Reprinted from yesterday's late editions.
The red and gold curtain of the Opera House, a gift from Japan to the Kennedy Center, rose Tuesday night for the first time on a Japanese company - the Kabuki Troupe of the National Theater of Japan.
In keeping with the Kabuki tradition of performing scenes from celebrated plays, rather than the entire works, the bill is a contrasting one: the final act of "Yoshitsune Sembonzakura" ("The Thousand Cherry Trees") first staged in 1747, and "Kurozuka," a 1939 version of an ancient Noh drama.
If the styles are vividly different, both works serve to introduce a major actor, Ichikawa Ennosuke III. Member of a celebrated acting family, Ennosuke, 38, has ascended, as Japan's actors do, to a famous name. As they age, Japanese actors adopt new names and the present Ennosuke took his from his great-grandfather, who lived from 1857 to 1922.
The art of Kabuki is essentially theater, though music and movement are integral to it. Above all, it is a story-telling art, stories which the major American explicator of the Asian performing arts, Faubion Bowers, admits "even the Japanese have trouble following the intricacies of the plot. However much the spectator may delight in the exotic or the connoisseur may quiver in the subtleties of polished, fragmentary details, the play's story is what everything is all about."
We Americans are accustomed to realism and naturalism; the Japanese art is unrealistic and artful. Our tempo is swift, the Japanese leisured. Our attitudes are informal, rarely disciplined; theirs are formal and starkly disciplined. We scorn the uptight; the old Japanese tradition is ritualistic. Contrasts are everywhere, including the fact that in this century, especially in the past 30 years, Japanese youth is becoming westernized, as Bowers says, "new and modern."
A collection of several unrelated stories, the "Yoshitsune" excerpt concerns Yoshitsune, a man who takes refuge with an old ally to escape his brother's court intrigues. He arrives to find that, unknown to him, he has protected his ally's mistress, Shizuka.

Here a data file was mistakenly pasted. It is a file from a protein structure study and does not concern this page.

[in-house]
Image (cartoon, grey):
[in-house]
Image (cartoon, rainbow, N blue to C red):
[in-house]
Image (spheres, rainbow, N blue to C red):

Now Shizuka returns accompanied, she thinks, by Yoshitsune. Instead, it is a white fox, empowered to disguise himself as a man. The white fox answers only to the sound of her hand drum. Reluctantly, the white fox explains the drum's power: Its skins are those of his parents. Today's overtones are perhaps ecological: Dumb animal he may be, the fox has a spirit. Perhaps we, too, have been, or will be, foxes.
In "Kurozuka" three priests seek a night's refuge with an old woman. She welcomes them, but bids them not to enter a particular room. Their servant does so to discover the old woman has hidden away bones of those she has devoured and is, in reality, a demon.
Both plays have dual roles, and here the latest of the Ichikawa Ennosuke line reveals his versatile power. In Kabukistyle almsot everything rests on the actor, and it's been said that even using the same words and intonations, performers can create entirely different effects. Intensity, facial expression, postures and acrobatics are all within this actor's skills and, to show still more, he took to the curtain calls, which are not given in Japan with sharp, aggressive zest.
The program notes are vital to appreciation; arrive in time to read them if you're not lucky enough to have copies of the Aubrey and Giovanna Halford "Kabuki Handbook" ot the writings of Bowers, A.C. Scott or Donald Keene, whose program notes are better than usual. There also are short-wave transistors available ($2.50), which have helpful if rather erratic English translations.
The run ends Sunday afternoon, with matinees today and Saturday at 2 adn Sunday at 1. It's a lot less expensive than a trip to Tokyo.